Ohio University ImPRessions

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Twitter: Turning Annoyance into Engagement

May 23, 2014 , , , , , ,

By: Jess Carnprobst @jess_carnprobst

140516-socialskim-facebook-twitter-klout-studyThis question pops into everyone’s mind before hitting the “tweet” button: am I being annoying on Twitter? Is this tweet actually engaging? There is never a clear answer because everyone’s perspective is very different, but there are some general guidelines to follow for the next time you find yourself asking these questions.

Be mindful of what you share

I’m just going to get this one out of the way now. If you’re someone who continually complains on Twitter or shares needless details about your personal life, you may be seen as annoying. Of course, everything is fine in moderation. If you are continually getting a lot of unfollows, it might be time to change up your style.

Keep the retweets down

One general rule of thumb is not to retweet too many times a day. Instead of simply retweeting a bunch of tweets that you like, quote some tweets or if there is a link, tweet the link with your own statement or thought about it. This turns irrelevant content into engaging information that your followers will be more likely to enjoy.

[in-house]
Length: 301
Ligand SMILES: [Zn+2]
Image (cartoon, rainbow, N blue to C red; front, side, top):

Think of others

Think of others on your timeline. They don’t want to see 50 tweets about the same thing. Try to tweet about content that will be engaging to them, instead of something that only you find interesting. Along the same line, think of the people you are following. If you’re following people that have nothing to do with your interests and are not friends of yours, they may not be the best person to follow because they will most likely not be interested in what you have to say.

Help those who won’t be interested in your Twitter chat or conference

One thing I like to do if I know I am going to be tweeting a lot in a short time period (yes, I am referring to you National Conference) is tweet out the link that allows people to unfollow a hashtag. This way, they won’t have to see all of your tweets and you can still engage with everyone who will actually enjoy what you have to say. After all, we all know that the only time we will be off of Twitter at a conference or event is when our phones die.

Twitter-mute-function

Overall, don’t go rushing to change your style. No matter what you do, people are always going to unfollow you because you’re “annoying.” Some haters will never stop hating; it’s impossible to please everyone. Try to engage as many people as possible by posting original content with interesting information. Stay true to yourself and your character as you tweet. People enjoy seeing personality instead of a generated tweet. Keep it original and keep it engaging!

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Reblogged this on Jessica Carnprobst.

Jessica Carnprobst

May 23, 2014

1 notes

  1. The Best Brands on Twitter | Ohio University ImPRessions reblogged this and added:

    […] about finding a voice on twitter for your brand, Hamburger Helper has done that perfectly. As for interacting on Twitter, they not only tweet at other accounts but follow some of the followers they interact with, which […]

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